With enrollment for the new Health Insurance Marketplace just around the corner and the full implementation of the Affordable Care Act hot on its heels, I wanted to take a moment to consider who will qualify for Medicaid under expansion in West Virginia.
Medicaid is a health program designed to provide comprehensive health and dental insurance for the poor. These are people who otherwise are most likely uninsured and unable to afford to see a doctor. Currently, the requirements to qualify for Medicaid in West Virginia are very stringent (Table 1). Therefore, most Medicaid enrollees are children, the elderly, and the disabled. A healthy, non-elderly, childless adult cannot qualify for Medicaid in West Virginia under any circumstance, no matter how poor he or she is.
Last month, however, Governor Tomblin announced that West Virginia would be joining at least twenty other states in expanding the Medicaid program to insure more people. Beginning on January 1, 2014, the eligibility standards will change significantly. With the dependent child requirement dropped and increased income limits, virtually any legal resident making less than 138% of the federal poverty level (FPL) will qualify for Medicaid coverage (Table 2).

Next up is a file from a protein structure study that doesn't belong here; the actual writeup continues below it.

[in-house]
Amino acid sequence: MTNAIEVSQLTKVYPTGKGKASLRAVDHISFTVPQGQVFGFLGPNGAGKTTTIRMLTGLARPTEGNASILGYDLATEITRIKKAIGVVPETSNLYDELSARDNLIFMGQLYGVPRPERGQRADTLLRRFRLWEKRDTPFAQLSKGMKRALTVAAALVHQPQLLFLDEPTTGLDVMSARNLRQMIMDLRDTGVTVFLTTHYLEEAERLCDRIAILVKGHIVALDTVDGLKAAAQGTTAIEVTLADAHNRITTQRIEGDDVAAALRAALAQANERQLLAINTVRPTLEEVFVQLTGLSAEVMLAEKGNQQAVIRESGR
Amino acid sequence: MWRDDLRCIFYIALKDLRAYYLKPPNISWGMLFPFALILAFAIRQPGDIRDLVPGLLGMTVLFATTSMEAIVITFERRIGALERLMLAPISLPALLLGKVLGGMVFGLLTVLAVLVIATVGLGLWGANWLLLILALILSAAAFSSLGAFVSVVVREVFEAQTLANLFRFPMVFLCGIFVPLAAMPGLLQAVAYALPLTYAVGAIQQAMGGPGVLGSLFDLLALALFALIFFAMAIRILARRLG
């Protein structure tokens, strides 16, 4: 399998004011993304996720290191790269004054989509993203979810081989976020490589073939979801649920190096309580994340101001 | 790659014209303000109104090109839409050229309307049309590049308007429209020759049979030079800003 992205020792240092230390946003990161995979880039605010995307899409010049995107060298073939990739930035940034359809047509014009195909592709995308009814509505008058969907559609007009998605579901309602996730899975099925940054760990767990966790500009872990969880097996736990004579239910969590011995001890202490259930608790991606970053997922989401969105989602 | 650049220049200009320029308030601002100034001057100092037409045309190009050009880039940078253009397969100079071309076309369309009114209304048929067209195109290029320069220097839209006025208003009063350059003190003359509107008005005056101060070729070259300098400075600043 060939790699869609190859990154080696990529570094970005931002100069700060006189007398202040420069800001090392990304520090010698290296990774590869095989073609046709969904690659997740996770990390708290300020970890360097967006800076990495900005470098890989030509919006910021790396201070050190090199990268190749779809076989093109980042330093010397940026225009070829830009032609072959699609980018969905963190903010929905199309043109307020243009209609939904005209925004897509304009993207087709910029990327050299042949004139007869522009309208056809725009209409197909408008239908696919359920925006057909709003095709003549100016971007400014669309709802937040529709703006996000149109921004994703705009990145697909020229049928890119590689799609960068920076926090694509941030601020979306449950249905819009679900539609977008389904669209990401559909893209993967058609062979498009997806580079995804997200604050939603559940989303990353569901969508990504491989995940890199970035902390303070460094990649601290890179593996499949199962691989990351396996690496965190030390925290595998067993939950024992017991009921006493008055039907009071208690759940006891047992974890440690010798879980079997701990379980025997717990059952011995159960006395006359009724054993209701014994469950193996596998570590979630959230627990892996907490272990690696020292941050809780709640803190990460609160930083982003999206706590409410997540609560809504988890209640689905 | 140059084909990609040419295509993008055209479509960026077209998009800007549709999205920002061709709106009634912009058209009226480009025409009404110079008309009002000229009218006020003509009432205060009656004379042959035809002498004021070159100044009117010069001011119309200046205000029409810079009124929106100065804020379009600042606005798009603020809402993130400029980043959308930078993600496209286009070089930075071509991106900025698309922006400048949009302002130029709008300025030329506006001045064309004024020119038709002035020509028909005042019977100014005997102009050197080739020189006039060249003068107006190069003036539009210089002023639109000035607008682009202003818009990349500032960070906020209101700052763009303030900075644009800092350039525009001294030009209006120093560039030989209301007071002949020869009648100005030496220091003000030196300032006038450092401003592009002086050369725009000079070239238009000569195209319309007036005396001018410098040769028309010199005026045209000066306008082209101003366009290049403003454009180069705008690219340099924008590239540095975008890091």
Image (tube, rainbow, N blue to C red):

So what exactly does this mean? Put simply, a lot more people will gain health insurance.
For example, in 2013 a single mother with one child cannot make more than 35% of the FPL, or $5,429 in a year, to qualify for Medicaid coverage for herself. To put this in perspective, this mother would have to work less than 15 hours per week at minimum wage ($7.25/hour) to qualify for Medicaid.
However, under the new expansion guidelines, this same mother will be able to earn up to $21,404 in a year and still qualify for Medicaid. That means she could work a full-time job making more than $10 an hour without having to be concerned about losing health insurance coverage for herself or her child.
Similarly, under today’s eligibility guidelines, a married couple with two children could earn no more than $8,242 to qualify for Medicaid. Beginning in 2014, they will both be able to work full time making a combined $32,499 and still be eligible for coverage.
The new guidelines will also eliminate the asset test currently required for non-disabled adults and the elderly. Individuals in these categories with assets that exceed around $4,000 in value, even including cars or retirement savings, may be ineligible for traditional Medicaid coverage, regardless of their income. Under expansion, these assets will no longer be considered and eligibility will be based strictly on income.
As I’ve discussed before, the costs and benefits of Medicaid expansion in West Virginia go far beyond just federal versus state dollars. Not only will we see fewer uninsured people, more healthy people, and a healthier, more productive workforce, but we can also expect to see a shift in the incentives that currently keep some people, especially those with pre-existing health conditions, locked in unemployment, and a boost to the state labor market.
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